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Is your reading list looking a little thin these days?

Ha ha, right, sure: as if there were enough hours in the day and days in the week to read every book you needed, let alone wanted to read. We put in our best efforts but the list grows and grows and nothing is quite so frustrating as realizing a few chapters in (or, heaven forbid, at the very end) that the book you’re working on is Just Not That Good.

Here’s some good news for you: We’ve got ten top tier books that are definitely worth adding to the top of your list. If you have any role in the manufacturing technology sector, are wanting to improve performance in any business, or even do a little bit of personal organization, you’ll find great advice and information in any of these.

 

Toyota Production System by Taiichi Ohno

In this classic text, Taiichi Ohno–inventor of the Toyota Production System and Lean manufacturing–shares the genius that sets him apart as one of the most disciplined and creative thinkers of our time. Combining his candid insights with a rigorous analysis of Toyota’s attempts at Lean production, Ohno’s book explains how Lean principles can improve any production endeavor. A historical and philosophical description of just-in-time and Lean manufacturing, this work is a must read for all students of human progress. . .

(Amazon.com – 2015)

 

Built To Last by Jim Collins and Jerry Porras

Drawing upon a six-year research project at the Stanford University Graduate School of Business, James C. Collins and Jerry I. Porras took eighteen truly exceptional and long-lasting companies and studied each in direct comparison to one of its top competitors. They examined the companies from their very beginnings to the present day — as start-ups, as midsize companies, and as large corporations. Throughout, the authors asked: “What makes the truly exceptional companies different from the comparison companies and what were the common practices these enduringly great companies followed throughout their history?” (Amazon.com -2015)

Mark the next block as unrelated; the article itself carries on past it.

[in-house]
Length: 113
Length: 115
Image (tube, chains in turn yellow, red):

Good To Great  by Jim Collins and Jerry Porras

Built to Last, the defining management study of the nineties, showed how great companies triumph over time and how long-term sustained performance can be engineered into the DNA of an enterprise from the very beginning.  But what about the company that is not born with great DNA? How can good companies, mediocre companies, even bad companies achieve enduring greatness?

(Amazon.com – 2015)

 

Give and Take by Adam M. Grant

Named one of the best books of 2013 by Amazon, the Financial Times, and the Wall Street Journal as well as one of Oprah’s riveting reads, Fortune‘s must-read business books, and the Washington Post‘s books every leader should read.  For generations, we have focused on the individual drivers of success: passion, hard work, talent, and luck. But today, success is increasingly dependent on how we interact with others. It turns out that at work, most people operate as either takers, matchers, or givers. Whereas takers strive to get as much as possible from others and matchers aim to trade evenly, givers are the rare breed of people who contribute to others without expecting anything in return.

(Amazon.com – 2015)

 

Dealing With Darwin by Geoffrey A. Moore

The Darwinian struggle of business keeps getting more brutal as competitive advantage gaps get narrower and narrower. Anything you invent today will soon be copied by someone else—probably better and cheaper.

Many companies thrive during the early stages of their life cycle, only to fall slack during periods of inertia and die out while others surge ahead. But as Geoffrey Moore shows, some notable companies have figured out how to deal with Darwin in their mature years—making changes on the fly while fending off challenges from every quarter.